Healthcare industry publisher HMP has reached an agreement to acquire the Institute for the Advancement of Behavioral Healthcare (IABHC), including a pair of trade magazines and a suite of annual events, from Vendome Group for an undisclosed sum, the Malvern, Pa.-based company announced Monday.
HMP’s third acquisition in 18 months as part of a pivot toward an events-focused strategy under CEO Jeff Hennessy, the deal includes the quarterly magazines Addiction Professional and Behavioral Healthcare Executive, as well as three national conferences—the National Rx Drug Abuse & Heroin Summit, the National Conference on Alcohol & Addition, and the National Cocaine, Meth & Stimulant Summit—and eight smaller regional summits.
“We are in the midst of an alarming public health crisis with devastating consequences,” said Hennessy in a statement, “and we believe this agreement represents a real opportunity for HMP to contribute to one of the most important solutions for this crisis.”
Doug Edwards—who has been with IABHC for 18 years and previously served as editor-in-chief and publisher of the two magazines before rising to IABHC director in 2016—will remain with the group as part of HMP, as will eight other members of the IABHC team.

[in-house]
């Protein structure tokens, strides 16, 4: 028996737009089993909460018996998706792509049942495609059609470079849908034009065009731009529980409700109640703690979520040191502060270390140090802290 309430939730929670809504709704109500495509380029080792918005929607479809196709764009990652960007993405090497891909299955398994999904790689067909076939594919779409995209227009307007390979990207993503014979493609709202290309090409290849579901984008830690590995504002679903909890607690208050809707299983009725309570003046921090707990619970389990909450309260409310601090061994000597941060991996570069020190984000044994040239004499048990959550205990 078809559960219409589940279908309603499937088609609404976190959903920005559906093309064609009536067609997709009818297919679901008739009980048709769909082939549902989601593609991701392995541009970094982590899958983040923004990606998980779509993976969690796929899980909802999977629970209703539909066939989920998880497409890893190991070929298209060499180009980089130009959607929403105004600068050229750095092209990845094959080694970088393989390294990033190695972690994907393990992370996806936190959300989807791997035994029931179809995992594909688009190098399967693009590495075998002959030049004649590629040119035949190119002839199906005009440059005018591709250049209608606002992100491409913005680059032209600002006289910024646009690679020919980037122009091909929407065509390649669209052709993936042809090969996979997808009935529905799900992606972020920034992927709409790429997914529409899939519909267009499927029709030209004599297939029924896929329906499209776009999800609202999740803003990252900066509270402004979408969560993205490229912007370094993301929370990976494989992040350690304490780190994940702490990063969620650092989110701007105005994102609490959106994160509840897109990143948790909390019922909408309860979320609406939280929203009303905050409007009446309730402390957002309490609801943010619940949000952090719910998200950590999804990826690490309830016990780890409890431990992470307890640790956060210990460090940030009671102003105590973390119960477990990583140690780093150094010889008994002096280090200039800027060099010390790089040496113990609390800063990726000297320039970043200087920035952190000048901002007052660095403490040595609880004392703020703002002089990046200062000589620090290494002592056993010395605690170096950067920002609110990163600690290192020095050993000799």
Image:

On top last year’s acquisitions of the monthly EMS World and the affiliated EMS World Expo, from SouthComm, and medical events organizer Imedex, private equity-backed HMP says its portfolio now comprises some 275 events ranging from regional to international, across ten therapeutic areas.
New York-based media M&A firm JEGI represented Vendome Group in the sale.
M&A Activity Slows
Speaking of JEGI, the firm released its biannual M&A overview, revealing an 8 percent year-over-year decrease in b2b media deal volume in the first half of 2018, but a seven-fold increase in deal value—a figure overwhelmingly driven by Thomson Reuter’s estimated $20 billion divestiture of its financial and risk unit to Blackstone. The other major transaction tracked by JEGI was Hearst’s $14 billion acquisition of the remaining 20 percent stake in credit rating firm Fitch Ratings.
Activity also slowed on the consumer media side, down 31 percent in volume and 62 percent in deal value compared with the first half of last year. In typically theatrical JEGI parlance, the firm predicts “tectonic change in the digital media food chain” following the approvals of the AT&T/Time Warner and Comcast/Disney mergers, warning that “the concentration of content, distribution, and advertiser/subscriber relationships resulting from these deals is formidable,” and that the Verizon/AOL/Yahoo! merger looks “timid by comparison.”